Development of Enhanced Analytical Methodology in Pesticide Chemistry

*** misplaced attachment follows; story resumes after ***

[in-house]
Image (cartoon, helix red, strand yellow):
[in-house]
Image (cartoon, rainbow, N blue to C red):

Sammanfattning: The analysis of pesticide residues in fruit, vegetables, rape seed and water has been improved using developments in sample handling and analytical techniques. The method development is associated with analytical difficulties, since pesticides currently used in agriculture represent a variety of chemical classes having very different physico chemical properties. The method development also encounters difficulties when many various commodity classes with different characteristics are studied. The main task in pesticide residue analysis has been to provide multi residue methods, and traditionally GC has been the main analytical technique.In order to regulate the use of hazardous pesticides, the EU commission introduces strict maximum residue levels (MRL). The need for improved sample handling and detection techniques are, however, high due to handling of lower detection limits, complex matrices and the need of more efficient sample throughput. Of the new techniques introduced as alternative techniques to the traditional extraction techniques, pressurised fluid extraction (PFE) has shown to be a promising technique in analysis of pesticide residues in fatty foodstuffs.In water analysis, large sample volumes are needed due to low MRLs. The solid phase extraction (SPE) technique allows a concentration of large sample volumes and simplifies the tedious laboratory work with traditional separation funnels. A new approach was to use non-polar solvents for the sample extraction from the earlier used polymeric column. Both these techniques provide low solvent consumption, short extraction times and ability to automate the manual steps. An LC-MS/MS multi residue method was finally developed for pesticide residues in fruit and vegetables. The technique is robust and sensitive and allows a simultaneous determination of 57 pesticides and metabolites in one single analysis and without any clean-up steps. The sensitivity was improved to achieve the maximum residue limits needed by EU. Several multi step methods, which involve more costly analysis, has been replaced by this technique.